Countdown to RWA conference–Part III – The Nuances of Pitching Your Book

Pitch with finesse, not a hammer…

There are many good sites that give direction about pitching to editors and agents at a conference.  So I wanted to approach the situation from a different direction. 

1)      First and foremost, remember that…AGENTS AND EDITORS ARE PEOPLE, TOO.

Yeah, I said it.  And I’d even go as far as to say they’re a lot like writers.  We all love books and chose this industry because of the good stories.  Many people who enjoy getting lost in books are kind of…shy.  So keep in mind, the agent/editor you’re pitching to might also be a little nervous.

Don’t sit down and instantly barrage them with your story.  Pretend you’re meeting them for the first time (which you probably are), and act accordingly.  Say…  “It’s nice to meet you.”  Ask them how the conference is going for them. Ask them the best part of the conference…or if they had been to any good workshops yet.

2)      Try not to go all fan-girl (or fan-boy) on them.

Remember the kinda-shy part?  Well, if you start gushing about how great they are…they’ll probably get uncomfortable.  HOWEVER, you know who they love?  Their AUTHORS—and their BOOKS.  Tell them how much you enjoyed AUTHOR x’s last book and how surprised you were by who the bad guy turned out to be.  The agent/editor will warm up…and hey…you have something in common.  You both loved the book.  (Caveat – don’t tell them you loved it if you didn’t.  Honesty counts.)

3)      Have confidence in your book—and do your research

Yeah, you’ll be nervous. That’s okay.  But you need to have confidence in your book.  Don’t apologize for pitching it.  When the time comes, and it usually does with the agent saying, “So…tell me about your book.”  Start with your pitch…and let them know right off the bat what kind of book it is.  IE.  “I’ve written an 85,000 word dark paranormal that I think will fit in the Brava line.”  That way they know where to put it.

4)       Tell them about the characters, plot, and twists…but more importantly…how is it different???

So you’ve written a vampire book for Brava.  Yeah.  There are tons of vampire books out there…so what makes yours different?  In my case, it was the science involved…the fact that vamps and shifters are just different species on earth…much like humans.  Then a genetic virus was created…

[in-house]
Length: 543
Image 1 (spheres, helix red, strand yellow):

So while you’ve shown what type of line the book should belong to…how does yours stand out?

5)       Remember that you love your book!

This is fun.  You’re discussing your book – those characters you adore—with someone else who also loves books.  Enjoy yourself—when the agent/editor asks you a question, dive in.  Get philosophical about the black moment.  Gush about the hero.  Admire the heroine.  Smile…and have fun.

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4 thoughts on “Countdown to RWA conference–Part III – The Nuances of Pitching Your Book”

  1. All great pointers…I think my problem would be I would be so nervous I would mess up…Even if I know the book is amazing and people would love it…

  2. Lynn Rush says:

    Oh, and don’t pitch to them in the bathroom! LOL.

    When I was preparing for my first national writing conference ever (which included pitching!) I was on a conference loop that gave advice. One person told stories about how people have cornered agents and editors in bathrooms just to pitch their books. I chucked thinking it was a joke.
    It wasn’t.
    Boy, that’s just crazy funny. I wish I could attend RWA this year, but I am planning for the next year, it’s on my side of the US next year, so I can drive to it!! Woot!

  3. Great advice, Becca. See you next week, chica!

  4. Ruthie says:

    I think the advice about what *kind* of book it is is super-helpful. I’ve been pitched to before by authors of academic books, and the whole time they’re talking I’d be scrambling just to figure out which one of our lists this was even for. Author: jabber jabber jabber about minutia for five minutes. Me: Oh, so it’s German history?